How businesses can benefit from a multi-skilled employee


There’s always been a tendency in business to employ specialists. That is to say, people who focus on one job and the tasks associated with that type of role. Their degree is often focused on a single subject but then is broken down into secondary related subjects. The thinking is that the more specialized a person is, the more useful they’ll be. That works until you need them to do something else and they don’t know how because it’s outside of the small circle of competence.

Here are a few of the benefits to a business when hiring multiskilled employees.

Multi-Skilled, Not One-Trick Ponies
When you employ staff who aren’t one trick ponies, they are oriented towards competently completing a bunch of tasks across several roles. Companies often make the mistake of believing that they need experts in most positions. The reality is that most often they do not.

What they need is to create a Standard Operating Procedure document for each role that makes it clear how different tasks in the job are performed. By doing so, not only is the company protected from always needing to hire an expert at a higher cost, but it means that a non-specialist can step into the role and get up to speed relatively quickly because everything important has already been documented.

There is an Interdisciplinary Studies degree course which is broad enough to make it applicable for employees who’ll subsequently look for Interdisciplinary Studies Jobs after graduation. This sort of education is designed for people who can be adaptable on-the-fly.

Staff Turnover Reduced
Staff turnover is a substantial expense for companies. Finding a recruit and going through their initial slower performance until they’re up to speed is costly. Also, going through the process is a distraction which affects the productivity of everyone involved. When companies are forced to keep pulling in new people with a limited job remit, they’re setting themselves up for a financial death by a thousand cuts.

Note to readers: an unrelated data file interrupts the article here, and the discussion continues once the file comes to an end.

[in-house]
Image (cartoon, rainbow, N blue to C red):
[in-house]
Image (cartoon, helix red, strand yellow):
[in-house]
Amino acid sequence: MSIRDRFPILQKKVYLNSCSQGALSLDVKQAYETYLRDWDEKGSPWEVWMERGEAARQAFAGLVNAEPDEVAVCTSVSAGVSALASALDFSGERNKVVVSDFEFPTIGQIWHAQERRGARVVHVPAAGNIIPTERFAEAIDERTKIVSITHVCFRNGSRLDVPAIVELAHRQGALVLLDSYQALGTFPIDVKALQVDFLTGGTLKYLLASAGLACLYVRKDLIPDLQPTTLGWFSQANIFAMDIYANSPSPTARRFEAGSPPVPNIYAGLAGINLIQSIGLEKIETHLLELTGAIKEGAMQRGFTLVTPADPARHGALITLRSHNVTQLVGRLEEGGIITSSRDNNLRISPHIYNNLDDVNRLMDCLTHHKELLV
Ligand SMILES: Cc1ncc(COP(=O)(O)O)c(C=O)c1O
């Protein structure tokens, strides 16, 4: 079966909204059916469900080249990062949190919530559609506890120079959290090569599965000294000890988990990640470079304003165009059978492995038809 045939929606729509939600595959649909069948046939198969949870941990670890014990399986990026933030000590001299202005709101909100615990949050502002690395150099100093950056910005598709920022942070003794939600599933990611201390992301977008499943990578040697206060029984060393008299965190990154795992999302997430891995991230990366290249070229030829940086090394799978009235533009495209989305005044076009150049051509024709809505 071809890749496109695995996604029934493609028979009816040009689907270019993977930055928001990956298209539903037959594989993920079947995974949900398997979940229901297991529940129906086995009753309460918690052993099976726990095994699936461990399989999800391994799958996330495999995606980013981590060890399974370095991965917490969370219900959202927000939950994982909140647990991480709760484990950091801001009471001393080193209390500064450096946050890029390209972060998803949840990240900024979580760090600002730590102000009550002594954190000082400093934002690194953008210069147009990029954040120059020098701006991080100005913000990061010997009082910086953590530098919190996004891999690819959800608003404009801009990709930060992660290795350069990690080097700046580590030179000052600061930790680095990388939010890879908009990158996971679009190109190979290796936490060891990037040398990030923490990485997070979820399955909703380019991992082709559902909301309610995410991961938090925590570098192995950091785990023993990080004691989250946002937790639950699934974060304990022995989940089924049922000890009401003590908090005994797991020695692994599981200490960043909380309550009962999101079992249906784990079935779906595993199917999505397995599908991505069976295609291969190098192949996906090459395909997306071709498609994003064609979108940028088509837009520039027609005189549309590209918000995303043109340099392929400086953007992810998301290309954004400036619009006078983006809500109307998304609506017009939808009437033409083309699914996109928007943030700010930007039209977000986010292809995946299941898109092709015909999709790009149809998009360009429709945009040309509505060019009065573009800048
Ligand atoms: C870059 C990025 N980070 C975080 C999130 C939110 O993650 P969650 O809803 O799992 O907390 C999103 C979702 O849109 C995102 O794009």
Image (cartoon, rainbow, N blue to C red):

By contrast, when an employee arrives who has a multi-disciplinary approach, they’re likely to find many roles and tasks where they can be useful. They’re able to switch across to cover someone on maternity leave or on a two-week vacation without the company needing to find a specialist who’s good enough to cover a short-term post and can get up to speed almost immediately.

Employment Costs Lowered
Not having to continue recruiting and finding experts for every position saves the company money without losing performance. This is because when using Standard Operating Procedures (SOP’s), employees drop the ball far less often than they otherwise would. When something is missed, it’s added to the SOP so anyone subsequently taking on the same task won’t make the same mistake.

With standardized training methods, lower staff turnover and a lack of dependence on experts throughout an organization, the business runs more efficiently with fewer mistakes and uses a smaller percentage of the revenue to pay for operations.

There is something to be said about at least having some of the workforce coming under the multi-skilled banner rather than only employing specialists or experts. It gives the business greater flexibility that it would not otherwise have, which is always a good thing.


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